NOAA tracks toxic Great Lakes algae from space

Algae forming in lakes and rivers not only harms the water, it also can kill indigenous marine life and the aquatic vegetation needed to sustain a healthy ecosystem.

A new pilot program is taking a close-up look at the problem from afar.

The program, involving the National Oceanic and Atmospheric Administration, the University of Toledo and Blue Water Satellite Inc., is using satellite imagery of Lake Erie’s western basin to monitor the harmful algal blooms (HABs) that have been increasingly threatening the Great Lake for the past several years.

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The harmful algal blooms in Lake Erie commonly contain cyanobacteria, also known as blue-green algae. Many cyanobacteria release toxins that are known to cause liver and nerve damage in humans, and kill pets and other animals.

If proven successful, the monitoring project could become an ongoing service during HAB outbreak season, roughly April through October each year.

"This experimental research project uses a collaboration between public and private entities to push the state of the art," said Dr. Marie Colton, director of NOAA’s Great Lakes Environmental Research Laboratory in Ann Arbor, Mich.

Each entity brings its unique knowledge and experience to the collaboration, she said. “This public-private sector collaboration can pave the way to new knowledge creation, and processes that may ultimately lead to job growth as the project transfers from research to commercial production."

Researchers at the university and Blue Water Satellite, of Bowling Green, Ohio, will combine the data from the NASA MODIS satellite, the U. S. Geological Survey's Landsat 7 satellite and the DigitalGlobe WorldView 2 satellite.

The data produced could give governmental agencies the ability to see early bloom-formation conditions of the toxic algae across the entire western Lake Erie region within 24 hours of each satellite overpass.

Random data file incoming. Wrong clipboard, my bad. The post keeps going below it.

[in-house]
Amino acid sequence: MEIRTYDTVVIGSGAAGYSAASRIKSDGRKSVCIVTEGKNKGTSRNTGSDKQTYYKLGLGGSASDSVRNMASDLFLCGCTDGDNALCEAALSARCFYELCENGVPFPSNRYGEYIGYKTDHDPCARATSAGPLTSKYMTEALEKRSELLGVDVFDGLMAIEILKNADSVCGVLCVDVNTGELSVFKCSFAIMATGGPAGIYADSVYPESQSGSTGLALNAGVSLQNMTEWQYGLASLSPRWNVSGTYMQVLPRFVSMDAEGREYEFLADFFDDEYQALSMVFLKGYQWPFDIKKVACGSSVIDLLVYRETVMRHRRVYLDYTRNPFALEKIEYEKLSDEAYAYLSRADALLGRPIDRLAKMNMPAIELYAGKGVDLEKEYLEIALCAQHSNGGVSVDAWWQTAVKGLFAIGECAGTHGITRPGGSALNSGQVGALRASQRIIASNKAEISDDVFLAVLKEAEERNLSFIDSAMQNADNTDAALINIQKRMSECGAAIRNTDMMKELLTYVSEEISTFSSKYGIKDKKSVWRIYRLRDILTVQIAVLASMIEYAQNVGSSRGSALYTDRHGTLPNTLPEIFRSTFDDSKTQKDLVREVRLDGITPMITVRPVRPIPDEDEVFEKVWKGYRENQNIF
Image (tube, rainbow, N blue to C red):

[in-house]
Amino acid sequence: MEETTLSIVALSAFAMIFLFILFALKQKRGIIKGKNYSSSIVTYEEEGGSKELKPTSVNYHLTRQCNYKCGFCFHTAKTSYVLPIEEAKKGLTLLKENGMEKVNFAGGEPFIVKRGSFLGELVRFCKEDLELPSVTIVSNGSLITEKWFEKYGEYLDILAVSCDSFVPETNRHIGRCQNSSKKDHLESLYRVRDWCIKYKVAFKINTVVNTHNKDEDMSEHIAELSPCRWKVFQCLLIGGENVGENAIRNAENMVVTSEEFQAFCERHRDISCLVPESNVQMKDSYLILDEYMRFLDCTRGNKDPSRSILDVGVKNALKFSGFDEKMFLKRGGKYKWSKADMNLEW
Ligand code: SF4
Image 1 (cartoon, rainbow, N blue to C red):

Blue Water Satellite will process low-resolution satellite data daily by using algorithms developed by Dr. Richard Becker, assistant professor at Toledo’s Department of Environmental Sciences.

The company also will process high-resolution satellite imaging every 16 days or on demand using algorithms developed by Blue Water Satellite and Dr. Robert Vincent at Bowling Green State University.

"The fusion of this low-resolution and high-resolution satellite data can provide additional insights into early HAB formation never before possible," Becker said.

In addition to the HAB imagery and data, Blue Water Satellite will provide measurements of total phosphorus for the entire area, having developed the only algorithm in the world that performs this total phosphorus detection and measurement function using satellite data.

Increasing levels of total phosphorus have contributed to the severe HAB outbreaks in Lake Erie in recent years.


About the Author

David Hubler is the former print managing editor for GCN and senior editor for Washington Technology. He is freelance writer living in Annandale, Va.

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